However, just because I am committed to education, does not mean that I believe it should always be done solely out of the goodness of my heart. At the end of the day, I have bills to pay, and if I am going to take a week off of work (unpaid) to travel some distance at some expense to present classes that I have spent countless hours developing, I do expect to be compensated for that. I often offer what I know for free when I am able to (this website, for example), but we cannot expect educators in our community to go broke in service to the rest of us. If we value good education, we should be willing to pay for it, provided that appropriate measures are put in place to ensure that those who truly can’t afford it are still able to access those resources, as well.
What I’m Doing
I teach workshops on everything from practical kink skills to more obscure and tangential concepts like providing mental health support for your peers. As I write this, I am sitting in a hotel in Las Vegas where I just finished teaching classes for their “Sin in the City” conference. I’ll be back in Denver for a week or two, then I leave for Canada for another conference. Last year, I traveled more than ever before, including teaching for the Rome BDSM Conference in Italy.
In addition to traveling the country (and now, the world) teaching about kink and alternative relationships, I have been focusing locally on basics. I led the new member orientation at my local kink club twice a month for years and still teach a longer kink 101 class monthly, as well. And while it’s not something I keep track of, I also do a lot of one-on-one instruction.
But the work I am most proud of is founding the Colorado Center for Alternative Lifestyles, an educational charity which has drastically increased the availability of education both in Denver and across the state.
What You Can Do
Even if you’ve only been in kink for a short time, you likely have information that others would find valuable. Look for opportunities to help others, even if just to tell them about parties or other local community events. If you are coming into the community with pre-existing knowledge about psychology or building construction or any number of other fields, that information may be useful and interesting to others. You can share that by writing about it on fetlife or sending it to websites (such as this one) as a guest post submission. Reach out to local education/discussion groups and ask if you can lead a discussion or teach a class on something you know a lot about.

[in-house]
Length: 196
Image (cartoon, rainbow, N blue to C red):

Attend as many classes as you can, too. Look for what’s missing or things you disagree with or have strong feelings about. Those are the topics that you can use for a class of your own.
Do Research. Having accurate, reliable information is critically important, especially for those just starting out. You can help. Too often, people teach based on their own intuition or best guesses. While your experience is certainly valid, you have to account for the possibility that you are the exception, not the rule (or that there IS no rule). Reach out and determine if your observations are consistent with others’. Also, depending on your topic, there may be actual scientific research available. As kink becomes more accepted, professional researchers have begun to explore the topics of alternative sexuality and relationships and a lot of good information is available to those who look for it.
Finally, ask a lot of questions. Explore new ideas and share them with others. But always remember to give credit. (More on that when I write about Authenticity)